CNET's Dan Patterson interviewed Mark Risher, director of product management for identity and account security at Google, about what hackers are looking for and how Google is ramping up account security. The following is an edited transcript of the interview.
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Dan Patterson: Mark, can you help us understand, when bad actors, when hackers, when people who want to sniff out data from accounts at Google, who are some of these actors and what specifically are they looking for?
Mark Risher: There's a wide variety of what people are looking for and trying to break into accounts. In the past, and by volume, it has historically been about commercial motivations. They were looking to initially send spam. We've all seen this on email. And then to find specific information that might be in your account that could be turned into a profit.
More recently though, we've seen some new and troubling attack vectors. One is going after the information value of what they find there. This could be used for blackmail or for extortion purposes, as well as being able to link to other accounts that might be connected together, for example, going after financial assets that are connected to another account.
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Dan Patterson: When we hear stories about, oh, so and so company was hacked, whether it's a data broker, or a social media company, or even an email provider, those seem like massive scary hacks and data breaches, but often we don't correlate that with a secondary hack, or post action bad things. What can happen? What's the fallout of a data breach?
Mark Risher: There's a bunch of problems that happen with data breaches. One is that people tend to reuse their passwords on multiple different sites. Some small company gets broken into, exposes your password, but that means that you would still fall in another place you've used the same site. That's why we recommend that people use a unique and different password on every site and store that in a password manager.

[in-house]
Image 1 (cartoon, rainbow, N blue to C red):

But there are other things that are happening too. A recent trend we've seen that's really disturbing is that attackers use some of this breached information to add credibility to a secondary one. For example, you might receive an email message that says, "Dan, I've been watching you, I've actually hacked into your computer and have access to all of your secret information. As proof, here's the last four digits of your credit card number." And then you read this and you say, "Oh my God, that is the last four digits of my credit card number. This person must be telling the truth. I better pay the ransom that he's charging."
Now, in reality, that often is not the case, but that last four digits, by being in one breach, can now be used to create a secondary channel for a profit.
- Why phishing remains a critical cyber-attack vector (TechRepublic)
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- Homeland Security creates anti-hacking center to protect industries (CNET)
- Cheat sheet: How to become a cybersecurity pro (TechRepublic)
- Why 31% of data breaches lead to employees getting fired (TechRepublic)
Dan Patterson has nothing to disclose. He does not hold investments in the technology companies he covers.
Dan is a Senior Writer for TechRepublic. He covers cybersecurity and the intersection of technology, politics and government.